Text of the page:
But, but my salesperson told me…

Steve O'ConnorAlternative Financing, Business Working Capital, Capital Advance, Funding Options, Merchant Cash Advance, UncategorizedLeave a Comment

“You should have read your contract” are words that a business owner only hears once they realize that the service they paid for, the asset they purchased, or the financing they secured isn’t quite what they though it was.  It’s a sentence no one wants to hear, and in the case of capital advance providers like Wellen, a sentence no one wants to speak.  It means there’s a fundamental misunderstanding of terms that is guaranteed to leave both parties with that sinking feeling that something is very wrong – and more importantly – is about to cost somebody money.

If you’re a Wellen customer, you participated in an online video call with us at the time your business was first funded.  You had the terms of the Wellen agreement confirmed with a Wellen representative, and had a chance to ask any and all questions you may have had.  Wellen gives every customer that time to fully understand our transaction before it’s too late.  So whether its a capital advance contract, or any agreement you sign on behalf of your business, we think it’s always a good idea to take the time to get to know anything you’re thinking of signing.

To avoid the costly confusion that comes from not fully understanding a contract, here’s a few tips:

  • Look for clearly described Terms and Conditions.  This section of a contract should describe the basic contours of the transaction.  Make sure you know if you’re signing a purchase and sale transaction or a lending agreement, for example.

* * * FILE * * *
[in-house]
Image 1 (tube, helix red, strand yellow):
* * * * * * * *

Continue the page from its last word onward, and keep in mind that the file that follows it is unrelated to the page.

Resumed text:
• Keep an eye on Definitions.  Here’s where you’ll get the best handle on how each party to the agreement is identified, and how to understand the specific meanings assigned to certain words, as this can significantly impact the interpretation of the document.
  • Pay attention to the numbers.  Make sure you know what price you’re paying – including all fees and charges – before entering into the transaction.  If it’s not clear, make sure to ask the other party to make it clear.
  • Assume nothing.  Contracts and their legal language exist to provide clarity and avoid doubt.  If anything isn’t clear to you, maybe it’s not a very good contract.
  • Ask for help.  If you don’t fully understand the agreement, consult a legal professional.
  • Don’t rely on what you have been told.  The contract you sign is the only thing that matters in the end.  By entering into the contract you may be encumbering your business, giving up rights, and agreeing to pay a price.  So be careful, and make sure you know what it says!  In the end, what’s likely enforceable in the courts is the actual text of the agreement, not your recollection of the agreement, or what someone else told you it said.

In the small business finance space, deal brokers and sales companies play an invaluable role.  They are experts at sourcing funding opportunities for business owners because they have relationships with numerous and varied sources of capital, and will often present customers with multiple options.  Its easy to get the details mixed up, so yeah, we’ll say it now instead of later…read your contract!

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